Okay, so you’ve written (or are writing) this great book, but you have no idea how to format it, put a cover on it, and publish it. Here’s a short list of stuff I use regularly or have found helpful:
I’m going to take you right to this great blog post because it offers you the template downloads (MS Word) that you need, plus complete instructions for use. These are set as Smashwords templates, but with some minor revision (as in, changing “Smashwords” to “Kindle” anywhere it appears) it easily alters to a Kindle template as well.
I chose Arial templates but I now only use Garamond templates, since I’ve started taking my books into print as well as eBook. Createspace (print on demand) primarily uses Garamond (and it looks better in print) so it’s just easier when I’m ready to convert.
Important thing to know for Kindle: If you have a listing page at the back with your published novels on it, you cannot put a price point on any of them or Kindle will automatically kick it back. They don’t like to see prices anywhere, since they may decide to offer your book at some other price sometime. Or so they say. I have no idea why they say that, since you determine your price, but whatever.
Smashwords and Kindle both have autovetter functions which check your work for formatting and spelling errors, and both will tell you specifically what you need to fix (for instance, you can’t have too many returns in a row (vertical lines with no type) other than the beginning of a chapter or write the whole manuscript in bold.
There are more than a few sites out there that offer pre-made book covers, but the one I’ve liked the best so far is The Book Cover Designer. Their offerings range from $20 and up over $100 per cover (so shop through all the offerings!), and they’re helpfully arranged by category and genre. I found my cover designer, Colleen from Mystique Book Designs on that site and she and I now have a partnership, giving my books a uniform feel, for the most part. I’ve used a few of the covers on some of my novellas, etc and I find them very easy to use and haven’t had a bad experience yet. Almost all of these cover designers will also make you a print cover in the same design for a small additional fee.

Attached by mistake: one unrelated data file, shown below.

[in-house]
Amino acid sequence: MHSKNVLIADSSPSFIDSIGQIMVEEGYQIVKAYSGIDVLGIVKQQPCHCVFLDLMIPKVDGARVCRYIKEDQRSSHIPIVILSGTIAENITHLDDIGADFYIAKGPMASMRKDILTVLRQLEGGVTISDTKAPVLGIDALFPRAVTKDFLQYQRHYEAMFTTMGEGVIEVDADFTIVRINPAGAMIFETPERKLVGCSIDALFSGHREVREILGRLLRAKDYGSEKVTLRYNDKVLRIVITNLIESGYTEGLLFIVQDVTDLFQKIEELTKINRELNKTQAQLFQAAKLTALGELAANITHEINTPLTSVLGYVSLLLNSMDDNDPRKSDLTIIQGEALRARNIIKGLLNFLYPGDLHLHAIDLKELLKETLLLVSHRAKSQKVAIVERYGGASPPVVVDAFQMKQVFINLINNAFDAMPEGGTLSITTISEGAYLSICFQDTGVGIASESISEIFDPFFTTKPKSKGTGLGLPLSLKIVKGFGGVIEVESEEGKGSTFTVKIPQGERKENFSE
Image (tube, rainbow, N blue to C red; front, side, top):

Another site that’s good if you’re budget-conscious (and don’t know photoshop yourself) is Fiverr. It’s free to sign up for an account, and there you’ll find book cover designers and media artists who can do book trailers, work on websites, etc. for a mere five bucks USD. I’m in the process of getting a book trailer done with someone off the site now, and I’ve known many writers who’ve contracted via Fiverr with no major horror stories. Just make sure you check their body of work and be specific about your deadlines.
If you’re really, really on a shoestring (and have some talent in this area but cannot afford photoshop), you might consider downloading Gimp. It’s a free software program that mimics photoshop and you can use it to create book covers and banners. Get a stock photo account someplace (I prefer Deposit Photos) and make sure you follow their guidelines carefully when downloading images (you want the larger, high-dpi versions, and pay for the extended license if the picture is the focal point of your cover). I’ve actually made two novella covers via Gimp and it saved me a bundle, which is great on a $.99 book.
Note: If you have no talent in this area and have never used Photoshop or other image-manipulation software, then for the love of God, DO NOT use this to make a crap-ass book cover for yourself. People really do judge a book by its cover, I assure you. Don’t put something up there that looks like a sixth-grade class project.
I use both Smashwords and Kindle, but I will tell you that I recently made the move to publish my novels exclusively on Kindle, leaving my novellas up on both. I get a lot more mileage on my novellas via Smashwords for some reason and Kindle outsells my novels by a huge margin. I’ve found my making them Kindle Select, I also get a chunk of those Kindle Unlimited and Kindle Lending Library dollars as well (which you can only get if they’re exclusive to Kindle). Of course, I say this with a grain (or maybe a shaker) of salt because Amazon just reconfigured all their royalties for Kindle Unlimited on July 1st, and I’m still waiting to see how that shakes out. If it amounts to me getting breadcrumbs, I’ll remove them from Kindle exclusivity and offer them on both platforms again.
Bottom line: Unless you are completely inept at self-editing (and can’t or won’t pay an editor), can’t or won’t use a template, and have no artistic talent (and can’t or won’t pay a book designer), don’t waste your money on any of those “We’ll publish your book for an assload of money” offers. You can do it for a lot less money if you’re willing to invest a little time and effort. And believe me, if you’re proud of your writing, it’s worth the time and effort.
Hope that was helpful! Next week, I’ll try to put together a post about building a platform, and what’s helped me.